The district court also relied upon Escobar's holding that liability for "implied false certification" does not depend on the government's label of "condition of payment" or "condition of participation. Instead, to be actionable under the FCA, a misrepresentation about compliance must be material to the government's decision to pay. Moreover, the defendant must know at the moment the defendant sought payment from the government that the non-compliance was material to the government's payment decision.
In this case, the district court concluded that the "defendants delivered the services for which the governments were billed; the governments paid and continue to pay to this day despite the disputed practices, long ago known to all who cared to know." Id. at 10. The judge noted several ways in which the relator, had she offered similar evidence, could have overcome the Escobar "rigorous and demanding" materiality standard, including:
- Evidence of whether record-keeping deficiencies resulted in the sudden and indefinite discontinuation of payment to providers of health care services to elderly, disabled, dependent and other especially vulnerable patients
- Evidence of whether, when and to what extent an administrative remedy, rather than a sudden and unexpected refusal to pay, is required or preferred to address administrative non-compliance, including a record-keeping deficiency
- Evidence of whether governments are content – assisted by a regime of rigorous and regular inspections, audits and accounting – to permit record-keeping practices that largely achieve the ends of, but differ from, the prescribed record-keeping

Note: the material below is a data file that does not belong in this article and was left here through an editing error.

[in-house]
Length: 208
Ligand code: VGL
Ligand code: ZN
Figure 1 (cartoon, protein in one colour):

- Evidence otherwise establishing the historical response of government to a long-standing non-compliance by a large provider of services in a pervasively regulated and monitored industry with a slim profit margin, that provides an essential service to a large and vulnerable population without a viable alternative.
Id. at 10-11.
As the court noted at the outset, "Escobar necessarily means that if a service is non-compliant with a statute, a rule, or a contract; if the non-compliance is disclosed to, or discovered by, the United States; and if the United States pays notwithstanding the disclosed or discovered non-compliance, the False Claims Act provides a relator no claim for 'implied false certification'..." Id. at 5.
In reversing this substantial jury verdict, the Middle District of Florida has joined an increasing number of courts that have applied the heightened materiality standard identified in Escobar.
This case shows the growing trend that when the government continues to pay claims, despite knowledge of an alleged false claim, the relator's allegations cannot satisfy the FCA's demanding materiality requirement. See, eg, Petratos, et al. v. Genentech Inc., et al, No. 15-3805, 2017 WL 1541919 (3d Cir. May 1, 2017); United States ex rel. Harman v. Trinity Indus.,Inc., 872 F.3d 645 (5th Cir. 2017); D'Agostino v. ev3, Inc., No. 16-1126, 2016 WL 7422943 at *5 (1st Cir. Dec. 23, 2016); U.S. ex rel. McBride v. Halliburton Co., No. 15-7144, 2017 WL 655439, at *5-6 (D.C. Cir. Feb. 17, 2017); Abbott v. BP Exploration & Production, Inc., 851 F. 3d 384, 388 (5th Cir. 2017); U.S. ex rel. Nelson v. Sanford-Brown Ltd., 830 F.3d 445, 447 (7th Cir. 2016); U.S. ex rel. Kolchinsky v. Moody's Corp., No. 12-1399, 2017 WL 825478, *5 (S.D.N.Y. Mar. 2, 2017).